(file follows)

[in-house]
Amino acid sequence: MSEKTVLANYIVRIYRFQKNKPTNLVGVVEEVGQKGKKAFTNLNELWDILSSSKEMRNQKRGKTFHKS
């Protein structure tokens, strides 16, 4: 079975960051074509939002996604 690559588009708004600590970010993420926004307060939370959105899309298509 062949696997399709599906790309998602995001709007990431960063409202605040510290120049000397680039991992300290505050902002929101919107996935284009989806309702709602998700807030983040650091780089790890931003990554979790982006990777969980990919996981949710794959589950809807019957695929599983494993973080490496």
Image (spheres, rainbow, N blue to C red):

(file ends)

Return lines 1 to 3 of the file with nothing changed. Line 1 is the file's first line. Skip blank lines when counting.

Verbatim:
[in-house]
Amino acid sequence: MSEKTVLANYIVRIYRFQKNKPTNLVGVVEEVGQKGKKAFTNLNELWDILSSSKEMRNQKRGKTFHKS
């Protein structure tokens, strides 16, 4: 079975960051074509939002996604 690559588009708004600590970010993420926004307060939370959105899309298509 062949696997399709599906790309998602995001709007990431960063409202605040510290120049000397680039991992300290505050902002929101919107996935284009989806309702709602998700807030983040650091780089790890931003990554979790982006990777969980990919996981949710794959589950809807019957695929599983494993973080490496």